Following a week that carried us from the treetops to Mysore to the seashore city of Mangalore, and which provided glimpses of wild elephants by the roadside in the Western Ghats range and huge crowds of black-clad pilgrims, coming into Mumbai was almost like landing in Europe; slums and smog notwithstanding. Even with the crowds, the British buildings and roundabout fountains of India's most cosmopolitan seem vaguely familiar, though elements such as ornate friezes piling monkeys on gargoyles atop martial scenes show that the colonizers were not just actors but acted upon. Were I inclined to an urban existence, Mumbai-formerly-Bombay is actually a city I would consider calling home -- if they could just solve to pollution problem. And the poverty problem, marked by the largest slums in Asia.

Which is ironic, because for Western travelers the city by the sea (India's answer to Santa Monica or Miami, perhaps) is also one of the most expensive stopovers in South Asia. We were there for just a couple of days, soaking up the urban atmosphere, inhaling the smog-chocked air, dishing off loose change to beggars young and old, and checking out the Chor Bazaar, or "Thieves Market" in a largely Muslim neighborhood. With Mom still in tow, shopping was unavoidable, but it provided glimpses into life beyond the main tourist draws. With Ramadan ending and goat feasts on the menu, there was a definite exoticness to wandering streets crowded with big Rajasthani goats being fattened throughout the district. "There were 2 crore (200,000) killed yesterday," one nearly toothless fakir informed us. "Today there are only about 2,000 left. Tomorrow, they will all be gone."

(It didn't occur to us until too late to work the angle for an invite to Biryani and kebabs, so we relied on a neighborhood cafe for our mutton.)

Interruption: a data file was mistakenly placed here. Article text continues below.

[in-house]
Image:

A certain amount of cultural splashback is inevitable if you spend enough time in a foreign country, I concluded after a couple of days. This was hammered home by a tremendous sold-out concert by the band Remember Shakti, an incarnation of the longtime collaboration between British guitar god John McLaughlin and tabla king Zakir Hussain. Jazz fusion has never done much for me, but with the addition of Indian instrumentation, including indigenous Southern percussion from V. Selvaganesh, and the Sanskrit-inflected scat of Bollywood vocalist Shankar Mahadevan, the music was both as timeless and modern as any I have had the pleasure to listen to. Impeccable polyrhythmic combinations boosted by amplification shook the night air.

Scoring tickets was not as easy I would have hoped; although nor was it as big a challenge as might have been expected given the band's apparent popularity. I had been tipped off to the reunion while still in the South, but we arrived the day of the concert and were unable to score seats before the show started. I expected scalpers, but the crowds of ticketless fans and lack of personal contacts left me doubting our chances as evening fell.

The concert took place out of doors, in front of the historic Gateway to India -- a triumphal arch which the British completed in the 1920s, and then were marched back through in the '40s -- so we just settled along the fence to peak at the video screens and listen from outside the venue. Shortly, though, a grey-haired fan who had been nearby just minutes earlier arrived at the fence: "They're selling tickets at the other gate." Sitting beneath a neem tree, beneath the three-quarters full moon, in a park in Bombay, we were then transported. A rousing tambourine (!!!) solo by Selvaganesh closed the set, a display of virtuosity that transcends words. Splashback happens.

We arrived back in Delhi on Monday, and I didn't leave the tickets for Tuesday's Remember Shakti show to chance. We splashed out for the best seats we could find, and were happily surprised by a combination of now familiar compositions and new numbers, including an apparent classic "Lotus Feet." Unlike Bombay, I don't feel like I could live in Delhi, but the city is gaining a lively edge that I think most India short-timers can't appreciate. After just a couple of days here, C had to leave for the mountains this morning, while research will keep me in the capital city another week.

It won't be nearly as entertaining without my best girl, but I figure we can dine out on the shows (and our new Remember Shakti CD) in the coming weeks. Though the Himalayas got belted with snow while we were down South enjoying our midwinter vacation, springtime waits just around the bend.


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